Sing to me, Oh wise muses, of foreskins, flaviviruses, saliva, blood, mosquitoes, monkeys, sylvan glens, and Dengue. Surasombatpattana et al’s article immersed me in this common (100,000,000 cases annually) – and serious — tropical disease. The Centers for Disease Control (CDC) summarizes clinical dengue, including the severe and frequently lethal hemorrhagic form.
Surasombatpattana et al describe cultured foreskin keratinocytes infected with dengue virus and treated with extracts of Aedes aegypti salivary glands; the extracts increased viral titers and decreased secretions by the innate defense system — molecules such as beta defensin 3 and LL-37 (cathelicidin).
Protective skin molecules may have evolved in response to a variety of organisms that attack through the skin. Dengue has a predominantly human reservoir and is spread by mosquitoes, most commonly Aedes aegypti poi and Aedes albopictus, from human to human, without any intermediate hosts. As in a war, the invading mosquito uses weapons against the skin’s innate defense mechanisms. The mosquito’s salivary glands synthesize a large set of proteins (the “sialome”), which allows for a good blood meal; it includes anticoagulants as well as proteins whose functions are unknown.
Mosquitoes are short-attention-span feeders; if they do not insert their proboscis into a blood vessel or a hemorrhagic pool within a minute, they “desist” their proboscis and move to another skin site. While probing, mosquitoes inject saliva in the skin; the saliva is not KY jelly for the proboscis, but it prevents blood coagulation and allows more time for vessel penetration. Unsuccessful attempts by the mosquito phlebotomist are common and have been studied in detail. The female mosquito frantically probes the skin, as a large blood meal is required for procreation. The rapid engorging of the stomach after a blood meal is graphically demonstrated online.
Extensive and prolonged manipulation of the proboscis results in viral deposition, as the mosquito’s salivary glands often contain large amounts of the Dengue virus. These early stages of flavivirus infection and the battleground for the lower epidermis and upper dermis can be exquisitely investigated with today’s methodologies.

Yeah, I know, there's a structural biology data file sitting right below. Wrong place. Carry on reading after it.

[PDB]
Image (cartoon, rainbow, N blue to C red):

Mosquitoes hold no special animosity toward humans, nor do they favor the flavivirus; by probing human skin, they are simply trying to ingest an important blood meal. Likewise, human skin has no special love or obvious need for the mosquito, and it has evolved molecules to make the mosquito’s job more difficult. Most evolutionary conundrums are like a cold crime scene: investigation is carried out thousands or millions of years after the key events have occurred, and often after the initial culprits have assumed disguises. This elegant tango between defense mechanism and host is an old one, and probably began in arboreal jungles where monkeys, virus and mosquitoes were, and still are, in close proximity. The sophisticated stealth approaches — such interfering with the host’s innate immune system — may have started in the forests of Southeast Asia and Central Africa. In these regions there are several species of monkeys that carry sylvan Dengue strains closely related to human Dengue strains. (Vasilakis et al, 2011). The sylvatic disease, when introduced into humans in rural areas, mimics the endogenous human disease and even presents in the hemorrhagic form.
There is a possibility that cross-species Dengue transmission is less than hundreds of years old. Tree harvesting, fires, drought and other climate changes, and human encroachment on forests can increase the spread of sylvatic dengue into human populations.
Understanding these defense and anti-defense mechanisms in detail holds more than heuristic interest; it may influence control of this disease, since vaccines and mosquito elimination may be only partially effective. The battle is eternal among man, vectors, and organisms, and it always deserves close attention, as the advantage can change rapidly among the species.
Surasombatpattana P, Patramool S, Luplertlop N, et al (2012) Aedes aegypti Saliva Enhances Dengue Virus Infection of Human Keratinocytes by Suppressing Innate Immune Responses. J Invest Dermatol doi:101038/jid.2012.76
Vasilakis N, Cardos J, Hanley K.A., et al (2011) Fever from the forest: prospects for the continued emergence of sylvatic dengue virus and its impact on public health. Nature Reviews Microbiology 9:532-542
Image credit: This image of Aedes aegypti feeding is from Wikipedia; it was taken by an employee of the USDA and is in the public domain.